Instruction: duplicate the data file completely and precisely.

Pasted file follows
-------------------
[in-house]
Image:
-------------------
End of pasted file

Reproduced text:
[in-house]
Image: